Opinions Please- Feature Doc in Premiere Pro CC?
I know there have been a few posts on this previously, but I didn't see a recent one and would love some insight on the newest versions of the software. I'm a FCP7 editor starting a new project and inheriting Premiere Pro CC projects from a previous assembly. I'm interested in working in Premiere because of the eminent demise of FCP. I've played around with the program and find it fairly easy to use coming from FCP. My issue is that it's not performing well. The project can take 10 min to open (it's a 12 MB project), response time when I try and open a sequence or clip can be 10-20 seconds or more, saving the project takes about 5 min, and generally it's just slow. Much much slower than a FCP 7 project of similar size would be on this machine.
It's a mix of about 100 hours of all 23.98 mostly EX3 and canon 70D footage, raw, on a external G-tech with esata connection.
I'm on a 2 year old Mac Pro 3.2 GHz Quad Core 16 gigs ram, OSX 10.8.5
Is the computer just not up to snuff to deal with this? Can someone tell me the minimum specs recommended? is there a max PPCC file size for good performance?
I've been assured that there's no benefit in transcoding the footage to a standard format, but coming from FCP I'm skeptical- my first step in FCP would be to convert it all to Prores. From conversations with other editors, I've heard both that Premiere Pro CC should be up to the task, and from others that it can be very slow and unstable with projects this size. I can just jump ship and cut this in FCP7, but I'd like to use this opportunity to get familiar with Premiere if possible. I'd really appreciate any advice from anyone with good or bad experiences cutting a feature or any larger project with premiere.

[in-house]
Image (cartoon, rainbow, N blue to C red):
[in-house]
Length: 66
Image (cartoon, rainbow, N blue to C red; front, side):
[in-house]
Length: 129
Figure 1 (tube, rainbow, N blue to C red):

I have just finished a feature documentary in Premiere (and a fiction feature before that). Both primarily shot with various flavors of DSLR-s on both an iMac from 2010 and a 2014 Macbook Pro Retina. My current project size is around 45MB running about 1TB of footage of a USB3 drive that should be RAID, but is not. So I run into a few bottlenecks there, but not as many as you might suspect. Sometimes I have to wait for the drive to catch up and I have to render a few effects that I might not have to otherwise.
My project can take a couple of minutes to load all the footage. There are many, if not too many variables to your question. In general, you should see better performance, but Premiere does have bugs and can get hung up. So it is a question of both configuration and troubleshooting. In my experience, all editing programs have their strengths, weaknesses, and troubleshooting necessities. If you get it running right, it's a great program and everything Final Cut Pro 8 should have been....
One thing to check is that you are running graphics acceleration Open CL if you have an AMD card. That said, if you are trying to edit RAW footage, that could be the MAJOR bottle neck. You can either transcode or run in reduced resolution -- say 1/4. To find out how to do these things, please google.
I've been cutting a dramatic feature on Premiere the last few months, and I've been very happy with it. Like any program it has its quirks and bugs, but really no more than I used to run into with FCP 7. They hang me up at first, but once you figure out the work-arounds, they stop being a problem.